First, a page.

Most of you probably remember the message from S. last week– the woman who had bed bugs earlier in the year. The letter she wrote me, and which I posted as a blog item, has now attracted more comments than any other post here. She’s still working through the infestation, and your suggestions are welcomed. The earlier post and comments are here.
The background: Last Saturday, S. took a comforter out of a sealed bag, where it had been since being dry cleaned (after a very small bed bug infestation) 6 months ago. She had no bites while the comforter was in a dry cleaner’s bag, more or less sealed, for 6 months. She took the item out after 6 months, and out came bed bugs. After a day or two she sealed up the comforter again, but the bed bugs are now active in the room, with at least 2 adults having been seen.
I have to add a disclaimer here: you can never really be certain with bedbugs, where they came from– no matter what you think, it’s always possible that there’s another source, and in this case that would translate to the theory that the reintroduction of bed bugs coincided with the reintroduction of the comforter. However, what really appears to be the case here is that a down comforter came back from the dry cleaners with bed bugs still inside, these lived for 6 months, and have now re-emerged to carry on where they left off.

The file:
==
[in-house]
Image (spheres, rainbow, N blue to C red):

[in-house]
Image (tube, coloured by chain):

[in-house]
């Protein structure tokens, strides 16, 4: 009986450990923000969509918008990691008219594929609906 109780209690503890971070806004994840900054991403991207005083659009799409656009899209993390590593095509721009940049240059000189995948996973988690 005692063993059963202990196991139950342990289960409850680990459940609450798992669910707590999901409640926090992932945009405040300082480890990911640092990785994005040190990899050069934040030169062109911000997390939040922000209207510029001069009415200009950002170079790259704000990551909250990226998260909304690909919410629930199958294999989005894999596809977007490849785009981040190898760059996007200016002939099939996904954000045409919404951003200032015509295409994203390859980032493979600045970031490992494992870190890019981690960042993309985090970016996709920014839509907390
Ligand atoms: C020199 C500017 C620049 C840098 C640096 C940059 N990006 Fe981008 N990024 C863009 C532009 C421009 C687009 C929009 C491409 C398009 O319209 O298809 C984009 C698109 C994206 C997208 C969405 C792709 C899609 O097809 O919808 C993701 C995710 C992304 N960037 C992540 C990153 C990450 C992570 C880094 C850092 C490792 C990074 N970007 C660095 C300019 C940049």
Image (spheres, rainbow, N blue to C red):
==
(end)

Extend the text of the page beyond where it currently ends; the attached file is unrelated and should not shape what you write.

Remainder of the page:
S. has a good shot at fighting them, since she is allergic to the bed bugs and so noticed them biting right away. Since there’s evidence, she’llbe able to get a PCO to treat right away. And if they came from the comforter, they may or may not have spread very far.
But it raises the question of whether dry cleaning is effective. Were these items really thoroughly dry cleaned? Or was the item dry cleaned and bed bugs survived it?
This has raised questions for me as to whether we should bother dry cleaning (or even clothes dryer-drying) thick items like comforters, thick blankets, washable rugs and pillows. More testing needs to be done in this area. Sure, this could have been a case of sloppiness on the dry cleaner’s part, but if that’s so, it can’t be the only isolated case. And it may be that these items can’t be salvaged, and may in fact be the cause of other reinfestations or difficult-to-treat infestations.
The bottom line is that you can’t be too careful, too thorough, or too ruthless in tossing things out. Please check out the other conversation, and add to the comments if you have suggestions for S.